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Appendix 1: members of the commission


Professor Laura McAllister (Co-chair)

Professor Laura McAllister is a Professor of Public Policy and the Governance of Wales at Cardiff University's Wales Governance Centre. She is an expert on constitutional politics, specifically devolution and Welsh politics and elections.

Laura was chair of the Expert Panel on Assembly Electoral Reform in 2017. Alongside this, Laura is currently Vice President of UEFA and a member of its Executive Committee.

The Rt. Revd. and Rt. Hon. Dr Rowan Williams (Co-chair)

Dr Rowan Williams was the Bishop of Monmouth (1992-2002) and Archbishop of Wales (1999-2002), before becoming Archbishop of Canterbury between 2003 and 2012.

He was Chancellor of the University of South Wales 2013-2023, and Chair of Christian Aid 2013-2021. He has published widely on religion and social affairs.

Dr Anwen Elias

Dr. Anwen Elias is a Reader in Politics at the Department of International Politics, Aberystwyth University. Educated at Ysgol Dyffryn Teifi, Llandysul, she is a graduate of Cambridge University and the European University Institute, Florence, where she completed a PhD in Political and Social Science. Her research interests include comparative territorial and constitutional politics, political parties and deliberative democracy.

She is Co-Director of the Centre for Welsh Politics and Society and the Wales Institute of Social and Economic Research and Data.

She has been a Visiting Fellow at the Universitat Pompeu Fabra, Catalonia and the Universidade de Santiago de Compostela, Galicia.

Miguela Gonzalez

Miguela Gonzalez is a diversity and inclusion practitioner and a former journalist. She is currently the Head of Diversity and Inclusion at Abcam, a global life sciences firm, where she is working to build an open, inclusive culture. Prior to this, she worked in the media for 15 years, mostly as a journalist with the BBC, but also in data analysis, project management and subject matter expertise roles.

As a Diversity and Inclusion Lead with the BBC's Workforce D&I team, she designed, project managed and implemented the extensive consultation that led to the broadcaster's current 3-year Diversity and Inclusion strategy.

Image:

Miguela has worked with the Welsh Government on the implementation of the Culture Connect Cymru project and has also been a visiting lecturer at Cardiff University's School of Journalism, Media and Culture. She is also on the board of trustees for Shelter Cymru and National Theatre Wales.

She brings to the Commission insights gained from wide-ranging experiences in key roles across a number of committees, teams and projects, including innovation funds, school governing bodies, art installations and music festivals.

Professor Sir Michael Marmot

Sir Michael Marmot has been Professor of Epidemiology at University College London since 1985, and is Director of the UCL Institute of Health Equity. He is the author of The Health Gap: the challenge of an unequal world (Bloomsbury: 2015), and Status Syndrome (Bloomsbury: 2004).

Professor Marmot is the Advisor to the WHO Director-General, on social determinants of health, in the new WHO Division of Healthier Populations; Distinguished Visiting Professor at Chinese University of Hong Kong (2019-), and co-Director of the of the CUHK Institute of Health Equity. He is the recipient of the WHO Global Hero Award; the Harvard Lown Professorship (2014-2017); the Prince Mahidol Award for Public Health (2015), and 19 honorary doctorates.